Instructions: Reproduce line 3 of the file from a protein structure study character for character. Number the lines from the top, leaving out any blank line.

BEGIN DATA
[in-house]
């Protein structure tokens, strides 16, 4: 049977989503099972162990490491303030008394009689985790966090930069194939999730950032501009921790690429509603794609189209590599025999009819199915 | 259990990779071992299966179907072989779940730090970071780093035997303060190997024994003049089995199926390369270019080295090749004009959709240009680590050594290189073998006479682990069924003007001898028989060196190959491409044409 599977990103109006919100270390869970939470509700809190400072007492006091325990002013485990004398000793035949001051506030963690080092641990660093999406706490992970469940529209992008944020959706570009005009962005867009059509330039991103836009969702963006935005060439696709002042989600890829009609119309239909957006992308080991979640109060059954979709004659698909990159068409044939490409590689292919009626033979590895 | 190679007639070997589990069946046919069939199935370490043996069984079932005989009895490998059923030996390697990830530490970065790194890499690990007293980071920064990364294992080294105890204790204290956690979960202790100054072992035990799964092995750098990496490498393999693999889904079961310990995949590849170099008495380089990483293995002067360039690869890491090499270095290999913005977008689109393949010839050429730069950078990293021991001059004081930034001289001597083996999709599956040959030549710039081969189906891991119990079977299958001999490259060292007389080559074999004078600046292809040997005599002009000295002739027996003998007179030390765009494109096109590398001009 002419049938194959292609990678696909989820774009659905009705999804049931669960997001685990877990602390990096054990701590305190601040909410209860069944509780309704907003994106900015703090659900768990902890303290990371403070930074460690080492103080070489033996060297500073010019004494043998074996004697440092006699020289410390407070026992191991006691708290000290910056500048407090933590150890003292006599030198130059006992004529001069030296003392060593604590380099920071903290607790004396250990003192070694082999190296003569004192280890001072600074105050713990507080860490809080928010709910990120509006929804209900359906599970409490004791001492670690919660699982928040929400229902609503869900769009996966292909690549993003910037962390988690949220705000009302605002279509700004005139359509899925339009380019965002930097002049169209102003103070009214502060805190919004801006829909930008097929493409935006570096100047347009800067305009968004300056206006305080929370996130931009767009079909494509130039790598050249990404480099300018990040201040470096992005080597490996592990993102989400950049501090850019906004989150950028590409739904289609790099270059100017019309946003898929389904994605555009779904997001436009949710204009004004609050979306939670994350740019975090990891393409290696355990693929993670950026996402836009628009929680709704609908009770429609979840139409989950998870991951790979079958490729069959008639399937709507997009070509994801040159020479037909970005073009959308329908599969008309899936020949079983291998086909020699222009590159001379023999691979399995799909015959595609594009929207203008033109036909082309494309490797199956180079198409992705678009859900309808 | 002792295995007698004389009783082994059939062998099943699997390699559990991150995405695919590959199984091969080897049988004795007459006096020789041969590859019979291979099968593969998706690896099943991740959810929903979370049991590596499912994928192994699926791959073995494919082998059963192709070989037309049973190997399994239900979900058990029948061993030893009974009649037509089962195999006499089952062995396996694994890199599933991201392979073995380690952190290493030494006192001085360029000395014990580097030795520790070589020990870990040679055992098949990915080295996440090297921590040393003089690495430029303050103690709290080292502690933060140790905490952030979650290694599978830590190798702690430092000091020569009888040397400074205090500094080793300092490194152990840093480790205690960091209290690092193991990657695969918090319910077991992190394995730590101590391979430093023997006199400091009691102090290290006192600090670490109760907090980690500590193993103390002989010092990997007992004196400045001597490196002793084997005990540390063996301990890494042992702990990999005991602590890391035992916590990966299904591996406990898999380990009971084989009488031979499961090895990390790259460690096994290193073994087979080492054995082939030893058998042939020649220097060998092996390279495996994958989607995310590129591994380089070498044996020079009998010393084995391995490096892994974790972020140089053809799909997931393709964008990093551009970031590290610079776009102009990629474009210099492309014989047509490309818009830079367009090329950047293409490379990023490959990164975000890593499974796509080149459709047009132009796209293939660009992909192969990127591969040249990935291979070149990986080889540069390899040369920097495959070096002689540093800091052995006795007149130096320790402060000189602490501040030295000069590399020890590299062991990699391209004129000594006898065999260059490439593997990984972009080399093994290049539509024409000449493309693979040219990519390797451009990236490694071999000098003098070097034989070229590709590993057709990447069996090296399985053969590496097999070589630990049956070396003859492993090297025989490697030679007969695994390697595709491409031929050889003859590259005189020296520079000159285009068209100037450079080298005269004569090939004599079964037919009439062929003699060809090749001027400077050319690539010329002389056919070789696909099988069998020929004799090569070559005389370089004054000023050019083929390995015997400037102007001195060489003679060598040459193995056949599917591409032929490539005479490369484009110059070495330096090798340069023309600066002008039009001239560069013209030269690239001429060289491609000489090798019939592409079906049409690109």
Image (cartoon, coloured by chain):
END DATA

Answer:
Image (cartoon, coloured by chain):